Activities for children: making learning fun


There are a number of different activities you can try to encourage your child to have fun whilst they learn. Some of these are outlined below:

Outdoor activities

Most children love getting outdoors and activities carried out outside can be beneficial for their general health as well as helping them learn.

Treasure hunts can be great fun and can teach children new information as well as encouraging them to work as a team; set up a treasure trail in the garden or playground which involves children answering questions in order to find the next clue; this will help their reading skills as well as testing their knowledge and observational skills. Solving the clues and finding the prize at the end of the hunt will give children a sense of achievement and build their self-esteem.

Nature trails are a great way of teaching children about the environment where they live; try to encourage children to look out for different animals, flowers and trees; this will help them to learn about the natural world and appreciate their surroundings. Try to collect examples of nature during the trail and then turn them into something the children can take home and keep; a collage is a good example of this.

Outings and trips give children the opportunity to experience different surroundings, learn about new environments and develop new knowledge. Common trips for children include visits to the library, the zoo, museums and parks.

Games and PE give children the chance to burn off some energy and have fun outdoors. You can make the games educational by getting the children to count, read or write while they play; a good example of a game children love is ‘what’s the time’; games like this enable children to play outside and learn to count.

Creative activities

Most children love getting messy and creative and this can be a great way to make them learn while they are also having lots of fun.

Painting encourages children to get creative and helps them to develop new skills by copying pictures or painting things from their imagination. Holding a paintbrush also helps children to be able to hold a pencil properly which makes writing easier.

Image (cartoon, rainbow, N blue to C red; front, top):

Baking is great fun and an excellent way to get children interested in food. Try to make something that the children can take home as this will enable them to show off what they have done which will boost their self-esteem.

Drawing is both fun and educational; children who learn to draw from an early age are more likely to develop good writing skills. Ask children to draw their favourite animals or use certain colours to teach them new skills.

Play dough and plasticene: using play dough and plasticene enables children to build models of their favourite things and teaches motor skills and coordination.

Other fun activities


Jigsaw puzzles are a great way of helping your child to learn spatial awareness, as well as a number of other skills including counting, reading and recognising shapes, colours and objects. Try to choose brightly coloured fun looking puzzles and make sure the puzzle is not too easy or too hard as this will frustrate your child.


Games can be a great way of teaching your child news skills as well as helping them to build relationships with others, learn rules and learn how to lose graciously. Games may include board games, card games or practical games such as musical statues for example.


Singing songs can help your child to gain valuable knowledge and express themselves. Children will also be able to learn skills such as counting and learning days of the week and names of objects by singing songs.